Today, Stone & Thomas is now the Stones Center, home of Williams Lea and Wheeling Jesuit University’s doctorate physical therapy program. Boury Inc. is now DiCarlo’s Pizza. The Court Theatre is an attorney’s office and parking garage inside the Board of Trade Building. King’s Jewelry is a church.
The Victoria Theater no longer shows movies, but features an Elvis impersonator once per month. Wesbanco Arena, soon to undergo extensive interior and exterior renovations, continues to be the home of the Wheeling Nailers hockey club while hosting the annual Toughman Contest, the Home & Garden Show, several concerts and shows, and a circus twice per year.
Heritage Port replaced the Wharf Garage in 2001, and now hosts more than 70 events each year, including the Upper Ohio Valley Italian Heritage Festival, the Heritage Wheeling Blues Fest, and the Wheeling Vintage Raceboat Regatta.
The city of Wheeling partnered five years ago with the CVB to implement the “First Fridays” event the first Friday of every month, and now more than 30 businesses located in downtown and Centre Wheeling participate by offering special pricing on featured items. ReInvent Wheeling has hosted “Show of Hands,” an event which promotes new business development and is sponsored by international law firm Orrick, Herrington & Sutcliffe.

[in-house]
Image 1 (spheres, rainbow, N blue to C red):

“My feelings toward downtown Wheeling are more positive today than they have been in nearly 30 years,” said O’Brien. “The excitement comes from daily interaction with many community members who are committed to establishing a vibrant downtown through partnerships. The reopening and successful operation of the historic Capitol Theatre is an example of why I am so optimistic about the future of downtown Wheeling.”
But future business growth, most agree, hinges on residential statistics. An example, Herron said, involves the possibility of a grocery store opening within the downtown district.
“There are the demographics in the downtown right now that give us a little bit of a head start on attracting a grocery store, but we do need more people. It wouldn’t take a whole lot more people to where it would make sense to do it. More people would make it a home run, and that involves not the only the downtown but also North Wheeling and East Wheeling.”